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I took better endoscope photos of the hachi mei (shown below).  It definitely reads "Yoshihisa saku" (made by Yoshihisa).

 

According to the Shin Kacchushi Meikan, the Myochin Yoshihisas who signed in this simple way (Yoshihisa saku) include:

Myochin Yoshihisa (1532-1555 or 1528-1532, depending on the source)

Myochin Yoshihisa, Fukui, early Edo period, died 1675

 

Of course, in the end it is just engravings on a gilded iron stripe, and there is some uncertainty about the Myochin lineage and evidence of self-spun genealogy among the Myochin line.  

 

The fact that the seller apparently did not know (and did not advertise) that the inside of the hachi was signed given the intact ukebari makes this discovery particularly fun.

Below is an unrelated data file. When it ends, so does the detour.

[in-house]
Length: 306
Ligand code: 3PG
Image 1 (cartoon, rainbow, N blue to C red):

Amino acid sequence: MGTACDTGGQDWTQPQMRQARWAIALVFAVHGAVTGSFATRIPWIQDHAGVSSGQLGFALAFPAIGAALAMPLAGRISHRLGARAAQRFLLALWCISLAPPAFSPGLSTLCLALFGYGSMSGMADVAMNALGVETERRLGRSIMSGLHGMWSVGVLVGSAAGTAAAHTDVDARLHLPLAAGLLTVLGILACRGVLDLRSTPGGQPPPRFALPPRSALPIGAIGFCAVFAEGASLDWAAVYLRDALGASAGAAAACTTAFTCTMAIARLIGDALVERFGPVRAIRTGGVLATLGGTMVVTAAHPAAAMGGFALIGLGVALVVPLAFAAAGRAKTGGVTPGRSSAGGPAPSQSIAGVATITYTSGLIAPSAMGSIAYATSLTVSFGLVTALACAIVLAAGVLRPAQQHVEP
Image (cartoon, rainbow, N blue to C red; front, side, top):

Thanks to everyone who helped piece together the above information.

 

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  • 1 month later...

I agree with Piers, the shachi looks really good. Although I have no proof, I came to the conclusion that the circular gilded rings / disc maedate that are so common and turn up on so many armours (but without the kuwagata as on yours) were the default maedate, added by the maker or the armour dealer, simply to fill the gap so to speak. The ultimate wearer chosing a more distictive maedate of their own. If this idea is true, your addition of a shachi is exactly what a samurai would have done when he first acquired the armour. The fact that so many armours still have these simple maedate is probably related to the tendancy to remove all traces of kamon, including breaking off the fukigayeshi, that happened when armours were sold to curio dealers in the Meiji era. Removing a distinctive maedate would reduce the possibility of identifying the seller of an armour when so many had to sell their treasures to buy food during the Meiji period.

Ian Bottomley